for loss of
a homeland”

The words weep down the page as if engraved upon a tombstone and the fractured narrative of what follows in the second stanza accords with that buildup of thematic resonances:

“A lover of France
who became
Marcel
but not French
who no longer knew how
to dwell
in the tent of his kin
to listen to the chant
of the Koran
over coffee”

The ‘s’ sound in the seventh line allows an image of dwelling to move almost invisibly between the semi-desert world of the young man’s past to the power of belonging not only to family but also to an existence within his own skin. The short next piece offers a brief account of isolation and limitation:

“Who could not
give voice
to the song
of his own desolation”

And then in a manner that Samuel Beckett would have applauded there is a precision, a placing, which gives visibility to the actuality of the person. It reminds me of Beckett as I think of the respect he held for the clarity of Dante’s Inferno in which the spirits of the dead have only a few lines to give a portrait of themselves before they merge back into the anonymity of eternal damnation.

“I escorted him
with the landlady of the place
where we lodged
in Paris
from 5 Rue des Carmes
a rundown sloping alley”

The term “escorted” brings the world of Dante again to the fore and it is worth just comparing it with two other translations. Kevin Hart’s suggestion is quite literal in terms of the Italian (The Buried Harbour, The Leros Press, 1990):

“With the woman
who owned our hotel
at 5 Rue Carmes
that faded, sloping alley
I went with him”

Patrick Creagh’s version for the Penguin Modern European Poets (1971) becomes more detailed as if spelling things out for the reader:

“I followed his coffin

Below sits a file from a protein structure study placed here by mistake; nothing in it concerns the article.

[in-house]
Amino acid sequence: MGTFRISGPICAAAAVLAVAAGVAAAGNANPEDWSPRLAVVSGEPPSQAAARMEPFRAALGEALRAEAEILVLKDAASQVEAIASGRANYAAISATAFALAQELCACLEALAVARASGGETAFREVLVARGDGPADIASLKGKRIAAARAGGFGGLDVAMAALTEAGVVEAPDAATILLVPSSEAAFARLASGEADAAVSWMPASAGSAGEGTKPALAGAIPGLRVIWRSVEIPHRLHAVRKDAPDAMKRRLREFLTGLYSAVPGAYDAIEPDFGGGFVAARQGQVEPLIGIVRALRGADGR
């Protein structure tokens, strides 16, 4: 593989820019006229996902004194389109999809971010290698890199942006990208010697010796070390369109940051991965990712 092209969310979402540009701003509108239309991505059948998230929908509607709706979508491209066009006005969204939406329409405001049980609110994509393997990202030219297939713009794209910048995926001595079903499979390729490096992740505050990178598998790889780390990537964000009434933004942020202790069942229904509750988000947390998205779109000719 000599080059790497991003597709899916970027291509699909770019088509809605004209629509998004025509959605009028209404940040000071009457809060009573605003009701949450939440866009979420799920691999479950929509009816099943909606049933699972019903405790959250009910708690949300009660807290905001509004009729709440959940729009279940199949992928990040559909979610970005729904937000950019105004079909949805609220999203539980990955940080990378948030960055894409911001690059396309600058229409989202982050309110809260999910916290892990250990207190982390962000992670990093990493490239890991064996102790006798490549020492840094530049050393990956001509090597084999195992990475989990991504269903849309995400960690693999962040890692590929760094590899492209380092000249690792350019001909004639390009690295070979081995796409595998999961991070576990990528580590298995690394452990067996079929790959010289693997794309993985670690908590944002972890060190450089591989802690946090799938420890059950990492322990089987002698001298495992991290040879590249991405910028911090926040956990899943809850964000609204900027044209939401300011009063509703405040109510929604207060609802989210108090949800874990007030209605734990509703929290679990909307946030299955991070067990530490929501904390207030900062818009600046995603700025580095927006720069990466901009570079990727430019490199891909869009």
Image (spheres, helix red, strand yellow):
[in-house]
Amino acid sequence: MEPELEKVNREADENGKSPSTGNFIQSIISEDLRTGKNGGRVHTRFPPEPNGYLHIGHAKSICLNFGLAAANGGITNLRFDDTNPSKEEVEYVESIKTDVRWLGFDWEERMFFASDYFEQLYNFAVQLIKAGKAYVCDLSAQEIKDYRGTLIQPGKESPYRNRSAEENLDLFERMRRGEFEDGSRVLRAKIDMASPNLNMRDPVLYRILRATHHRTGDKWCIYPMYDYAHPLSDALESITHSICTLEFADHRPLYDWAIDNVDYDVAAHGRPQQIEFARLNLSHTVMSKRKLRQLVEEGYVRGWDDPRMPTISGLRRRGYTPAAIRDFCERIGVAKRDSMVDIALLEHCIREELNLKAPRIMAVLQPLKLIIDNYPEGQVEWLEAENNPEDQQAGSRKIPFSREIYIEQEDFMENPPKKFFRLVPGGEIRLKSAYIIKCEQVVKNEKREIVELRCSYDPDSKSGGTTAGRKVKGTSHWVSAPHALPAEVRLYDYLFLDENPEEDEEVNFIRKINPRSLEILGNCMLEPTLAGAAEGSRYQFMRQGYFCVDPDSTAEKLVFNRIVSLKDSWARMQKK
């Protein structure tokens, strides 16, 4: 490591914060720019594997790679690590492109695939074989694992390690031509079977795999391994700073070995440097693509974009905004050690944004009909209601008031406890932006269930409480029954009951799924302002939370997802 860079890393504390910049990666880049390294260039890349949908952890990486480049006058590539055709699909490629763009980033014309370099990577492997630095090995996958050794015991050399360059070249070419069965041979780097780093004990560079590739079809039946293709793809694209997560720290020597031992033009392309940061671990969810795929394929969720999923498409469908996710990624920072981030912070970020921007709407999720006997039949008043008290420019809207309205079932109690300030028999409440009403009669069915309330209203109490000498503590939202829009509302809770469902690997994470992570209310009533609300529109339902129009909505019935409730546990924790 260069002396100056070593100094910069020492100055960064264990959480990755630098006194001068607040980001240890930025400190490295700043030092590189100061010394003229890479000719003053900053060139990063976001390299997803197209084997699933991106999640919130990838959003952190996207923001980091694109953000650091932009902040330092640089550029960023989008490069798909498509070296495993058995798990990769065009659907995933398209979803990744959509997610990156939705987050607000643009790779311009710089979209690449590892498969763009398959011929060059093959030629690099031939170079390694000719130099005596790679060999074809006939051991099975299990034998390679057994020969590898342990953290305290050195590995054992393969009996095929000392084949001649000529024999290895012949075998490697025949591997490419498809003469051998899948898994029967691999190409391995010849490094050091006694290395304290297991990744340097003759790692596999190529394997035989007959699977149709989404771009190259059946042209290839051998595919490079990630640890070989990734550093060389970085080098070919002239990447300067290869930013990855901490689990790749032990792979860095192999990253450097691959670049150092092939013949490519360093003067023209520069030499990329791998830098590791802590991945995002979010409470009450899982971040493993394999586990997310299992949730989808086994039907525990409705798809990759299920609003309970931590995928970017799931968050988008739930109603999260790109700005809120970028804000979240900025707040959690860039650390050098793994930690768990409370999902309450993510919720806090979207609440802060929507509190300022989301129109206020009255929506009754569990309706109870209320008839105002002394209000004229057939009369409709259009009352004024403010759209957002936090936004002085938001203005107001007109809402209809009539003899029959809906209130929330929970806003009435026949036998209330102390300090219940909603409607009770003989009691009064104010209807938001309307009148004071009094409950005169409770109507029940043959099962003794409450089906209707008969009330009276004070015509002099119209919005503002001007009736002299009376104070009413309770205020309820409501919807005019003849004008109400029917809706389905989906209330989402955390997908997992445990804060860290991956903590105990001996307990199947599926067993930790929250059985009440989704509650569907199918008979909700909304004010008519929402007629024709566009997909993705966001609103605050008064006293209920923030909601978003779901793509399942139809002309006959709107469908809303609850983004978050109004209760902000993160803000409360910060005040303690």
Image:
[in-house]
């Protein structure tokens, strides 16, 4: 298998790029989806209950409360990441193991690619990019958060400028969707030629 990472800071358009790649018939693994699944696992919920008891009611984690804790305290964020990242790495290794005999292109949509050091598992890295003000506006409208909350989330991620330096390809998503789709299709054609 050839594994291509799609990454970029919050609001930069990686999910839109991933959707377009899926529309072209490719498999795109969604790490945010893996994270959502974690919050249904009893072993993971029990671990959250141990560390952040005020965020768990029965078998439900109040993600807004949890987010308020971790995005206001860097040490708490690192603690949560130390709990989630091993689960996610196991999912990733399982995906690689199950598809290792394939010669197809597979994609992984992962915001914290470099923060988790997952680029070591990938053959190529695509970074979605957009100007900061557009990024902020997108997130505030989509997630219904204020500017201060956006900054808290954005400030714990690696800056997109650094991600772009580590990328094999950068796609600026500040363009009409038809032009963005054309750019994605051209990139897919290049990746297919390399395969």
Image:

I and the manageress of the hotel
where we lived
in Paris
number 5 rue des Carmes
steep decrepit alleyway”

The word used by Fitzsimons, “escorted”, manages to retain a sense of friendship and familiarity as he accompanies the body to the burial ground and the word “lodged” has a temporality to it which emphasises the fragility of a life.

“He rests
in the cemetery at Ivry
a suburb locked
forever
in the day a fair
packs up and leaves

Maybe I alone
still know he
lived

And I will
until my turn
to die”

“Rests”, “locked / forever”, “fair / packs up and leaves”; it has the sound of Thomas Hardy’s verse, ‘Exeunt Omnes’ or ‘During Wind and Rain’.

This is a book to keep close to hand. Not only are the translations very powerful but the drawings by Sergio Maria Calatroni have a resonance which complement the poems. Congratulations to Paul Rossiter and Isobar Press!

Ian Brinton, 13th October 2017

Lithos by Anthony Barnett (Allardyce Book ABP)

Lithos by Anthony Barnett (Allardyce Book ABP)

From the subtitle to this carefully crafted new publication from the pen and press of Anthony Barnett we should immediately be alerted to a Joycean sense of humour:

“LITHOS: OR, GULLIBLE’S TROUBLES, OR, A DISACCUMULATION OF KNOWLEDGE BEING NOTHING MORE THAN DRAFTS & FRAGMENTS THAT, NOT WHICH, ARE NOT ENOUGH”